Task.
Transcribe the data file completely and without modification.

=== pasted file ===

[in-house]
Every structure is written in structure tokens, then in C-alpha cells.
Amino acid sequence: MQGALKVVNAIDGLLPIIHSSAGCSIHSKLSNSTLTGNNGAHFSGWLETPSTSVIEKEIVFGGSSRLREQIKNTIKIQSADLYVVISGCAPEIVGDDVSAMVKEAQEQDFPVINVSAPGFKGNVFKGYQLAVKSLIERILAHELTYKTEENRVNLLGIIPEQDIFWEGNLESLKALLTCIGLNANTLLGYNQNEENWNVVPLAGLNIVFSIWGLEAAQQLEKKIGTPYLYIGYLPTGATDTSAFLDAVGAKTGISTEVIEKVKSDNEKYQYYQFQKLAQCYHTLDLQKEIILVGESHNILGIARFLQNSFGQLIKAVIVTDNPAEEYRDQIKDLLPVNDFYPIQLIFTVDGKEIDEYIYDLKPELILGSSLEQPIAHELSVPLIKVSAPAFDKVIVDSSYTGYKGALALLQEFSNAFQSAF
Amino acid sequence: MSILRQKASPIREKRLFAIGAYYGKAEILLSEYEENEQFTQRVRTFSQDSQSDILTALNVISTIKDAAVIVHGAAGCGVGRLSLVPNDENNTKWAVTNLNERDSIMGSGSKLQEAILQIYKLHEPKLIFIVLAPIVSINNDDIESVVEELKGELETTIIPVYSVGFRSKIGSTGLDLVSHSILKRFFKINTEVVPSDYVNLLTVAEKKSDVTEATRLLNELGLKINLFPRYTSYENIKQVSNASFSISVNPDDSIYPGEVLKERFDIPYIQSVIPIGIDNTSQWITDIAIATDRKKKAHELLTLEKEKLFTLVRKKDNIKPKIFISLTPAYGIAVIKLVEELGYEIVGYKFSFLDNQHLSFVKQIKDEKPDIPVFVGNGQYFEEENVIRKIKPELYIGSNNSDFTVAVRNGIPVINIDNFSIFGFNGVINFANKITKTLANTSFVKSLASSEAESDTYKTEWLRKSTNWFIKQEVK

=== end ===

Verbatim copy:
[in-house]
Every structure is written in structure tokens, then in C-alpha cells.
Amino acid sequence: MQGALKVVNAIDGLLPIIHSSAGCSIHSKLSNSTLTGNNGAHFSGWLETPSTSVIEKEIVFGGSSRLREQIKNTIKIQSADLYVVISGCAPEIVGDDVSAMVKEAQEQDFPVINVSAPGFKGNVFKGYQLAVKSLIERILAHELTYKTEENRVNLLGIIPEQDIFWEGNLESLKALLTCIGLNANTLLGYNQNEENWNVVPLAGLNIVFSIWGLEAAQQLEKKIGTPYLYIGYLPTGATDTSAFLDAVGAKTGISTEVIEKVKSDNEKYQYYQFQKLAQCYHTLDLQKEIILVGESHNILGIARFLQNSFGQLIKAVIVTDNPAEEYRDQIKDLLPVNDFYPIQLIFTVDGKEIDEYIYDLKPELILGSSLEQPIAHELSVPLIKVSAPAFDKVIVDSSYTGYKGALALLQEFSNAFQSAF
Amino acid sequence: MSILRQKASPIREKRLFAIGAYYGKAEILLSEYEENEQFTQRVRTFSQDSQSDILTALNVISTIKDAAVIVHGAAGCGVGRLSLVPNDENNTKWAVTNLNERDSIMGSGSKLQEAILQIYKLHEPKLIFIVLAPIVSINNDDIESVVEELKGELETTIIPVYSVGFRSKIGSTGLDLVSHSILKRFFKINTEVVPSDYVNLLTVAEKKSDVTEATRLLNELGLKINLFPRYTSYENIKQVSNASFSISVNPDDSIYPGEVLKERFDIPYIQSVIPIGIDNTSQWITDIAIATDRKKKAHELLTLEKEKLFTLVRKKDNIKPKIFISLTPAYGIAVIKLVEELGYEIVGYKFSFLDNQHLSFVKQIKDEKPDIPVFVGNGQYFEEENVIRKIKPELYIGSNNSDFTVAVRNGIPVINIDNFSIFGFNGVINFANKITKTLANTSFVKSLASSEAESDTYKTEWLRKSTNWFIKQEVK